I hate to advocate drugs, alcohol, violence, or insanity to anyone, but they’ve always worked for me.
Hunter S. Thompson (via stxxz)

"Inventing is messy..."

parislemon:

Jeff Bezos in his annual shareholder letter:

Failure comes part and parcel with invention. It’s not optional. We understand that and believe in failing early and iterating until we get it right. When this process works, it means our failures are relatively small in size (most experiments can start small), and when we hit on something that is really working for customers, we double-down on it with hopes to turn it into an even bigger success. However, it’s not always as clean as that. Inventing is messy, and over time, it’s certain that we’ll fail at some big bets too.

Always a good read.

Regram from @silvie9000. Been meaning to talk to Franklin about this.

Regram from @silvie9000. Been meaning to talk to Franklin about this.

Lol

Lol

2,000 posts!

Of course I’m going to post this.

2,000 posts!

Of course I’m going to post this.

“Beliefs” and “views” deserve no inherent protection, validity, or value to the rest of society simply because they’re political or religious. They’re just opinions, and just as many opinions are worth considering and discussing, many others are offensive, crazy, ignorant, or bigoted.

“Political Views” – Marco.org

I’m really tired of arguing with straight white men on the internet about Brendan Eich. Marco did a great job of succinctly summarizing why this isn’t about free speech (cough, you privileged assholes, cough), so I’m just going to link to this.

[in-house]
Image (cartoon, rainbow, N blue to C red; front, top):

suluboo:

relationship tip #78: ‘babe’ and ‘baby’ are cliche and outdated. try a fun new nickname such as ‘lieutenant’ instead 

What a ridiculous state of affairs this is. To obsess over the offline and deny all the ways we routinely remain disconnected is to fetishize this disconnection. Author after author pretends to be a lone voice, taking a courageous stand in support of the offline in precisely the moment it has proliferated and become over-valorized. For many, maintaining the fiction of the collective loss of the offline for everyone else is merely an attempt to construct their own personal time-outs as more special, as allowing them to rise above those social forces of distraction that have ensnared the masses. “I am real. I am the thoughtful human. You are the automaton.” I am reminded of a line from a recent essay by Sarah Nicole Prickett: that we are “so obsessed with the real that it’s unrealistic, atavistic, and just silly.” How have we come to make the error of collectively mourning the loss of that which is proliferating?

In great part, the reason is that we have been taught to mistakenly view online as meaning not offline. The notion of the offline as real and authentic is a recent invention, corresponding with the rise of the online. If we can fix this false separation and view the digital and physical as enmeshed, we will understand that what we do while connected is inseparable from what we do when disconnected. That is, disconnection from the smartphone and social media isn’t really disconnection at all: The logic of social media follows us long after we log out. There was and is no offline; it is a lusted-after fetish object that some claim special ability to attain, and it has always been a phantom.

Great essay by Nathan Jurgenson in The New Inquiry on The IRL Fetish. I’m a staunch believer in this unified vision of authenticity, and it’s an especially interesting point to keep in mind in regards to yesterday’s announcement that Facebook is acquiring Occulus. If you consider that a generation or two from now it will be widely accepted that our online social connections are as emotionally and intellectually valid as our offline social connections, it makes perfect sense that we will require more intimate ways to connect with them.